- Old teeth
These human ancestors, who roamed different patches of Eurasia roughly 1.77 million and 800,000 years ago, respectively, share a claim to fame: Their fossilized teeth harbored the oldest surviving proteins from extinct human species — molecules more than twice as old as human DNA.
- Geeking out over cameras and lenses
- The Open Library Explorer
How does one faithfully compress the entire experience of a reliable, unbiased, expansive public library and its helpful, friendly staff into a 14” computer screen?
Some sites, like Netflix or YouTube, solve this problem with recommendation engines that populate information based on what people have previously seen or searched. Consequently, readers may unknowingly find themselves caught in a sort of “algorithmic bubble.”
- The video games job supply
- On Robinhood
… the more risk Robinhood’s customers take in their hyperactive trading accounts, the more the Silicon Valley startup profits from the whales it sells their orders to. And while Robinhood’s successful recruitment of inexperienced young traders may have inadvertently minted a few new millionaires riding the debt-fueled bull market, it is also deluding an entire generation into believing that trading options successfully is as easy as leveling up on a video game.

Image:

… Robinhood gets paid—by the quants—58 cents per 100 shares for options contracts versus only 17 cents per 100 for equities. Options are less liquid than stocks and tend to trade at higher spreads. While the company says only 12% of its customers trade options, those trades accounted for 62% of Robinhood’s order-flow revenues in the first half of 2020.
- Revisiting (and critiquing) Baldur’s Gate
Tools for Thought
- As a “Roaman” now, I’m interested in Algorithms of thought
- A fascinating account of “models of interaction”
- On modern attitudes towards free speech (Ira Glasser reminisces)
It wasn’t until my 30s that I began to understand free speech, that the real antagonist of speech is power
Just plain weird
- A giant headless Buddha statue, uncovered in a residential area in China.
The two residential buildings were constructed in 1990 after the demolition of a temple at the same site, and the sculpture was uncovered during a clearing of foliage in the area.
- An overview of Fennel (keeping an eye on it as Lua becomes a first-class scripting language for Neovim)
- “Inside the machine”
One of the most interesting aspects of programming is the ability to inspect and modify programs while they are running. We all know debuggers, but there are lots of programs which let you interact with them directly while they are running. Some programs let you run scripts via embedded interpreters, which let you extend the program, but in some instances the programs themselves are the interpreters.